When a special district is created, the ‘approving’ jurisdiction (the local county or city or town) may set an initial maximum tax rate upon which the bond-repaying revenue is created. The tax rate is adjusted in small ways from year to year by various state laws that ensure that tax revenue to special districts is somewhat stabilized, regardless of the residential assessment ratio and other factors that impact tax revenues. The adjustment is necessary to ensure that the special districts obligations can be met and bonds issued by the special district can be repaid.
The great recession which started in 2008 had a drastic impact of residential assessment rates, 50%, or more, in many cases. That meant special district’s tax revenue was drastically reduced; they were not able to make the scheduled payments on the bonds and these obligations went into “payment default.”
Now that property values are increasing, it can take a good while for special districts to catch up on the bond payments that went unpaid during the great recession. Values are still not where they were pre-recession, so it’s hard to say when the bonds may be fully caught up and paid off. In the meantime, special districts have to impose property taxes to pay for the bonds.
The 2018 irrigation season recently concluded and while many areas of the Valley went on restrictions, our District personnel were able to juggle resources and keep the water flowing all season. In addition, the District substantially completed construction of about four miles of 18” pipeline to our Abrams Creek source, so that future flows will be cleaner and more reliable. This project cost of over $1,200,000 was funded completely by grants; no District funds went to this very significant capital improvement! Almost ten years ago, your Buckhorn Metropolitan District set out on a joint project to benefit area wildlife and our very own water resources. We have worked together with Colorado Parks and Wildlife and Trout Unlimited to help preserve a very special, aboriginal strain of Colorado Cutthroat Trout, and to help deliver cleaner and more consistent water supply to our neighborhoods. The joint solution is the Abrams Creek Cutthroat project, which installed piping for some 18,000 feet up the JPO2 ditch to the headwaters at Abrams Creek. The project is all but done; literally the last 15’ to be installed, which will be a new self-cleaning screen and flow-measuring box, to be installed next Spring.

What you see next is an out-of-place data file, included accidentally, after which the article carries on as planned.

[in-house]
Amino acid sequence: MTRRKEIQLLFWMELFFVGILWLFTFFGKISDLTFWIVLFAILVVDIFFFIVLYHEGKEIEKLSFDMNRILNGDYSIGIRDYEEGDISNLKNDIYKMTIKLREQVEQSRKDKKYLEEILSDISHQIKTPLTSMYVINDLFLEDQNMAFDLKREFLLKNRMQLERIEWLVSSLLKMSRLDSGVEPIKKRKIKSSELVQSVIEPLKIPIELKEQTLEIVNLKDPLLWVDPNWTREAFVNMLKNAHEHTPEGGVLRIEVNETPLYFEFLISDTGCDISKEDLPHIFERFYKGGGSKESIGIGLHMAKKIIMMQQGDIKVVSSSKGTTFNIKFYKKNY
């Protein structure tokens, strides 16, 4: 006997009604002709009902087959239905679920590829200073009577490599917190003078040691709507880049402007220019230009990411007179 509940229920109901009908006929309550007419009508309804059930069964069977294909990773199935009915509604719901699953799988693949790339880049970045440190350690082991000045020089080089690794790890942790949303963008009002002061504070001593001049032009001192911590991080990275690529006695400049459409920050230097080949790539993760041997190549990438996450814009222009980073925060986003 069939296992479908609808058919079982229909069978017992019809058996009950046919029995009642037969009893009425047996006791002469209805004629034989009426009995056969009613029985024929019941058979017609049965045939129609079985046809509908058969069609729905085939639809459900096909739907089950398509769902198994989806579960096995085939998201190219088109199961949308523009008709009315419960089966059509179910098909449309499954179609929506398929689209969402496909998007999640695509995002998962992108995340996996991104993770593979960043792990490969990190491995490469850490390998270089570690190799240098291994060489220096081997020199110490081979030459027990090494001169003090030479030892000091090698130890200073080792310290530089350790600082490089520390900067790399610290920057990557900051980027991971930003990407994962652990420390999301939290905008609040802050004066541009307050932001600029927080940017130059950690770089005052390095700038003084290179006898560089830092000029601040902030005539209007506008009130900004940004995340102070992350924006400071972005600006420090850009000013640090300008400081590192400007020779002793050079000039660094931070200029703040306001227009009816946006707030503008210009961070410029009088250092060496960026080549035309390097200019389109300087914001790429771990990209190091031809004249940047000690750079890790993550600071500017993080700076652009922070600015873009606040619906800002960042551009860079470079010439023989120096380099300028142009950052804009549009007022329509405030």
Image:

Beneficial to Buckhorn: more water, cleaner water to the pond. This $1,200,000 permanent year capital improvement was paid-for by grants from CPW, TU, the Colorado Water Conservation Board, the Town of Gypsum (from special fees to builders) and others. Here’s the links to two videos that tell the story: The Introduction is at https://vimeo.com/301357386 and the details are found in the this great video: https://vimeo.com/300398154
You can be proud of your community for making this project a reality; Buckhorn Valley is a leader in conservation and innovative thinking to solve problems with a public-private partnership.
Buckhorn HOA, Aspen Ridge HOA, Hawks Nest HOA and Mountain Gateway HOA Irrigation:
We’d like to take a moment of your time to clarify the District’s function for irrigation: BVMD is the supplier and distributor of raw irrigation water. The District is not responsible for, nor is it legally able to perform installation, maintenance or repair of irrigation systems within the boundaries of any particular subdivision or HOA. District personnel have their hands full with getting you a reliable and consistent water supply, and it’s a plenty big job. So for 2019 and beyond, please contact your HOA or your property manager for any leaks, valves, broken heads, mis-spraying or missing irrigation heads. Your local ‘authority’ will know what to do. District’s folks will appreciate your understanding, then, when they have to decline to provide services within a HOA or on a ‘lot’. The District’s board has recently instructed all personnel that this is an absolute policy established with your protection in mind.
Thanks for keeping Buckhorn Valley beautiful and green!
BUCKHORN STORAGE LOTS:
Got a camper, ATV, or extra vehicles?
The Buckhorn Valley Storage Lot is owned by Buckhorn
Valley Metro District. Only owners in Buckhorn Valley,
Aspen Ridge, and Hawks Nest can utilize these lots.
Spaces are $240 per year per lot. A waitlist for space
exists; contact us to get on the wait list at
Owners must be current with all HOA and Metro
District dues to rent a space.
Check out the Parks and Open Space page for Metro
District initiatives including the proposed
Wildland Park area!